How to edit raw files for immaculate colour and tone: Step 4

    04 Reduce the clipping
    To reduce the amount of clipped highlights, increase the Recovery slider to 30. You’ll see the red overlay disappear. To lighten the clipped shadows, increase the Fill Light slider to 35. You’ll still see a few speckles of the blue overlay, but don’t increase the slider further because you’ll get an unnatural result.

     

    How to edit raw files for immaculate colour and tone: Step 5

    05 Get vibrant colour
    By moving the Vibrance slider to +30 you increase the less saturated colours to a greater degree than the more saturated. This brings out the colour in the sky and heather in the foreground. Move the Clarity slider to +30 to improve the edge tones and define detail and then click Open Image.

     

    How to edit raw files for immaculate colour and tone: Step 6

    06 Boost colour selectively
    At the bottom of the Layers palette, click on the Create New Adjustment Layer icon and select Hue/Saturation. In the Edit drop-down, select Reds and change the Saturation to +30. Click Edit, and select Magentas, then increase the Saturation to +10. Finally, select Blue and raise the Saturation to +20.

     

    How to edit raw files for immaculate colour and tone: Step 7

    07 Bring out sky detail
    Click on the Background layer in the Layers palette, then grab the Quick Selection tool from the Tools palette and drag it across the sky to select it. Click Refine Edge in the top tool options, increase Feather to 2 and click OK. Create a Levels Adjustment Layer, then raise shadows to 30 and highlights to 245.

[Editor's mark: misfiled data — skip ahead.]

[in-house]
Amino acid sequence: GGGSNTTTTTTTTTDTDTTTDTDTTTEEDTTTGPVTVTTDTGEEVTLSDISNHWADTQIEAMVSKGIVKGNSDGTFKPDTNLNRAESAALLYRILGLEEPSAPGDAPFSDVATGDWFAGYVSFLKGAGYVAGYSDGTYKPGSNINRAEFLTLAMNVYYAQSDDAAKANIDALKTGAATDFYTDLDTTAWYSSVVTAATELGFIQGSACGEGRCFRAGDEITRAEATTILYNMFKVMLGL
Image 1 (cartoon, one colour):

How to edit raw files for immaculate colour and tone: Step 8

    08 Increase foreground contrast
    Click on the Background layer in the Layers palette and again use the Quick Selection brush to select the sky. You want to adjust the foreground in this step rather than the sky, so go to Select>Invert. As before, click the Refine Edge icon in the options bar at the top, set Feather to 2 and click OK.

     

    How to edit raw files for immaculate colour and tone: Step 9

    09 Adjust the Levels
    Click on the Create New Adjustment layer icon in the Layers palette and select Levels. To increase the contrast, click on the shadows slider under the histogram and move it to a value of 15, then change the highlights to 240. Alternatively, you could enter the values into the boxes individually, and click OK to apply the change.

     

    How to edit raw files for immaculate colour and tone: Step 10

    10 Finishing touches
    Select Layer>FlattenImage. From the Tools palette, select the Burn tool, set the Exposure to 5% and brush over the rock in the foreground to increase the contrast and draw out the finer details. Finally, go to Enhance>AdjustSharpness and change the Amount to 65% and Radius to 1.5 pixels. Click OK and you’re done.

    READ MORE

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    Posted on Tuesday, September 11th, 2012 at 2:00 am under Photoshop Tutorials, Tutorials.